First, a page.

After signing a five-year, $125 million contract with the Angels over the winter, outfielder Josh Hamilton made his spring training debut with his new team on Tuesday. He played five innings and went 0 for 3 at the plate, grounding to short his first time up and flying out to center the other two times. He also made two routine plays defensively in right field.
"It was weird today, being in the dugout and having the uniform actually on," said Hamilton to MLB.com's Alden Gonzalez after the game. "I walked by [Jered Weaver] and said, ‘This is kind of weird.' He said, ‘Yeah, it is, but I like it.' Getting that first one out of the way, you know. Just part of it ... You get those little jitters, I guess, when you're walking up to the plate, get your first at-bat, first live pitching, that sort of thing. But it was a fun day. It's just a different environment, man. I'm excited to be a part of it."
Obviously, the first three at-bats of the Cactus League season mean nothing. They mean so little that Hamilton didn't even use his own bat for his third plate appearance -- he grabbed Mark Trumbo's bat from the on-deck circle after breaking his on the previous pitch. The first at-bat was typical of what we saw from Hamilton late last year, meaning he rolled over on the first pitch he saw, which is probably something that made Rangers fans cringle. The second at-bat lasted two pitches, the third seven pitches.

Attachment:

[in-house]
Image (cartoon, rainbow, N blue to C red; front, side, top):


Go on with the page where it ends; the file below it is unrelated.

Hamilton is going to hit, that is pretty much a foregone conclusion. He'll run into the occasional slump like everyone else, but his slumps tend to be a little more frustrating for fans because a) he becomes a total hacker, and b) his talent is so immense. Getting accustomed to right field is arguably more important for Hamilton this spring after playing just 70 games (66 starts) there in his big-league career, none since 2009. That won't take much time nor should it be much of a problem.
It would have been neat to see Hamilton came out of the gate and launch some balls out of Tempe Diablo Stadium on Tuesday, but he didn't come particularly close, and that's OK. The Angels pay him a lot of money to do that in the regular season and in October, when the games count. Fair or not, the contract and his off-the-field demons mean Hamilton is under a perpetual microscope, so this is one of those rare days in which he can take an 0-for-3 and walk off the field feeling good about how things went.
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